LACK OF INVENTORY.  Inventory is also at an all time low, with only 54.2% or 2.2 months supply of single family homes, and 5.1 months for condominiums. (Source: Redfin) This indicates that it continues to be a Seller’s Market,  which will continue to drive up values and waging wars.

INTEREST RATES: Mortgage interest rates are also a big factor. While increasing in the past months, this week they dropped again below 3.0. That means, that if mortgage rates remain low, it will continue to boost the home buying activity and pull the home prices

PANDEMIC RELATED RELOCATIONS With Canada and other borders opening or set to open, an increased demand is expected.  This could greatly influence the current supply and drive values up again. Other factors driving the hot market include

  • Florida homestead exemptions right
  • Low to no taxes
  • High rental values
  • Short term rental possibilities

HIRE THE RIGHT LAWYER! While successful investing in real estate is all about timing, having the right real estate attorney is crucial. I have been doing this for 23 years and consider this my specialty.  Assisting buyers, sellers and foreigners with their real estate needs, from contract to closing. We are here. Free Consultation. Free Advice.  Peace of Mind. Can’t beat that.  Call us today.


   The South Florida real estate market continues to experience record breaking sales, with rates of single family homes climbing more than 40% compared to last year.  With low inventory and high demand among buyers, flocking in from all parts of the country, sellers are finding themselves in a bidding war.  However, anxious to sell quickly, they may experience delays when faced with code enforcement liens, judgments, or other encumbrances against their title that impedes a quick sale.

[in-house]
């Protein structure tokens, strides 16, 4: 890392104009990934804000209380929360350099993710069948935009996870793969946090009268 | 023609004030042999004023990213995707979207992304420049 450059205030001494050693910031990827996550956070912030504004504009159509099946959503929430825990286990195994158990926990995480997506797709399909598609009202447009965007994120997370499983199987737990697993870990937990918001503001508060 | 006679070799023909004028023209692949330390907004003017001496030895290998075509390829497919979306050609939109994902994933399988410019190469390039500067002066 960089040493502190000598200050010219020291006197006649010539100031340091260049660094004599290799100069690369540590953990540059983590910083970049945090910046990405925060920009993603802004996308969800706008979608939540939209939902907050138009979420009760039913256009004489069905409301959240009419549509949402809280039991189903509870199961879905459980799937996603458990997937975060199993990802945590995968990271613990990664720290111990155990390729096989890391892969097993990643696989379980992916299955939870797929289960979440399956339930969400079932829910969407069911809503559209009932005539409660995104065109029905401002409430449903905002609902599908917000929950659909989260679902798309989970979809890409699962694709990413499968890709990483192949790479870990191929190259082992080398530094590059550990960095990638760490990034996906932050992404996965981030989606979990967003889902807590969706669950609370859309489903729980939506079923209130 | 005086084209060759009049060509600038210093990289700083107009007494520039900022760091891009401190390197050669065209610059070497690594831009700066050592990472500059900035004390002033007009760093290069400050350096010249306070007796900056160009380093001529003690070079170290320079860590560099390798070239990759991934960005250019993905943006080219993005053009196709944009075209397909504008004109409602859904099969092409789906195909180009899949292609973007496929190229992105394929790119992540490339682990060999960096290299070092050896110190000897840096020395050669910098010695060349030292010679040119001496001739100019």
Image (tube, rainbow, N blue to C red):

Rather than stopping or cancelling the sale, many sellers are not aware that there exists a clause in the “As Is” Residential Contract for Sale and Purchase that permits sellers to invoke an “automatic” extension of time in order to clear or “cure” title issues such as these.  This language in the contract requires notifying the buyer side in order for the contract closing date to be extended.  It is important for sellers to know however,  that not all liens or judgments have to be paid in full, sometimes even paid at all!   Florida permits judgments to attach to title and be forced to be paid at the time of sale only if they meet certain requirements, including being certified by the court, containing certain language and be recorded.  If the statutory rules are not followed, the title company performing the closing can ignore the judgment. Similar rules apply for liens which can be ignored.

  If recorded correctly and collectible, liens and judgments can also be negotiated. Even code enforcement liens.  Often million dollar liens can be mitigated to pennies on the dollar when we are able to show compliance to the City and efforts by the homeowner to correct the problem complained of.  Not all code enforcement and violations have to be cured either and can be negotiated with the buyer for the buyer to assume such matters. This often saves the seller thousands of dollars at the time of sale.

  The most important step in the sale or purchase of any real estate in Florida is to hire a knowledgeable and experienced real estate attorney.  By having significant experience in both mitigating fines, liens and judgments, and being a full service title company, we make sure to protect our clients, whether seller or buyer, ensuring that all these issues, and anything else that comes up at closing, is addressed and our clients’ interests are protected.  After closing, it may prove impossible to correct.

As both a real estate lawyer, title company and business law firm, we represent not only buyers and sellers in their real estate transactions, but have an entire debt settlement and loss mitigation department devoted to handling judgment and debt negotiation. With over 23 years experience as a real estate lawyer, Jacqueline A. Salcines, Esq. and her staff are here to help. Don’t go it alone! Call today to see how we can best assist you.